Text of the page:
And others feel operating internationally protects them from the worst of the DMCA and other US copyright laws. "I have written an NES emulator and I am working on a Game Boy emulator... anyway I'm not a US citizen and Nintendo can kiss my ass," said emulator developer ZJoyKiller, who didn't provide his specific country of residence.
[...]
Chief among those differences is the fact that Yuzu emulates a Switch console that is still actively selling millions of hardware and software units every year. Most current emulator development focuses on older, discontinued consoles that the developers I talked to seemed convinced were much less liable to draw legal fire.

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  • (Score: 5, Insightful) by looorg on Monday February 05, @01:17PM (5 children)

    by looorg (578) on Monday February 05, @01:17PM (#1343113)

    $14.5 million he owed Nintendo in civil and criminal penalties. ... Bowser says he began making $25 monthly payments toward those massive fines even while serving a related prison sentence.

    So in about 50000 years he will have repaid them at this rate if they don't charge him any interest. The amount is so ludicrous it's not even funny.

    Why even bother paying. He is at the bottom of the barrel and have nothing they can take. Even after serving time in prison he is sentenced to a life at the bottom.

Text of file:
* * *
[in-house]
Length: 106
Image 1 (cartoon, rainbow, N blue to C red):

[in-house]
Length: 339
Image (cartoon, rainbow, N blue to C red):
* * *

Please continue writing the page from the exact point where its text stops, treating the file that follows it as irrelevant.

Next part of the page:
• (Score: 2) by aafcac on Monday February 05, @03:25PM (1 child)

      by aafcac (17646) on Monday February 05, @03:25PM (#1343133)

      It's only a 14 month sentence. The bigger thing here is that he paid the money with the proceeds from working as a slave. So, Nintendo is apparently OK accepting slave labor money.

      • (Score: 2) by aafcac on Monday February 05, @03:28PM

        by aafcac (17646) on Monday February 05, @03:28PM (#1343134)

        Oops, I mean 40 months, but same basic thing.

    • (Score: 4, Informative) by Freeman on Monday February 05, @05:01PM

      by Freeman (732) on Monday February 05, @05:01PM (#1343157) Journal

      His sentence isn't about what makes sense. It's about revenge and deterrence.

      From the article:

      According to The Guardian, Nintendo will likely continue to take 20 to 30 percent of Bowser’s gross income (after paying for “necessities such as rent”) for the rest of his life.

      --
      Joshua 1:9 "Be strong and of a good courage; be not afraid, neither be thou dismayed: for the Lord thy God is with thee"
    • (Score: 2) by darkfeline on Monday February 05, @08:00PM

      by darkfeline (1030) on Monday February 05, @08:00PM (#1343199) Homepage

      It's not about the money. It's about sending a message.

      --
      Join the SDF Public Access UNIX System today!
    • (Score: 3, Insightful) by JoeMerchant on Monday February 05, @08:46PM

      by JoeMerchant (3937) on Monday February 05, @08:46PM (#1343207)

      I suspect the payments serve to validate the debt and probably accelerate his release by showing he acknowledged the debt..

      --
      🌻🌻 [google.com]
  • (Score: 5, Touché) by Opportunist on Monday February 05, @01:28PM

    by Opportunist (5545) on Monday February 05, @01:28PM (#1343115)

    Nintendo should be happy if he doesn't sue them for using his name as the villain in their games.

  • (Score: 5, Interesting) by Rosco P. Coltrane on Monday February 05, @02:59PM (4 children)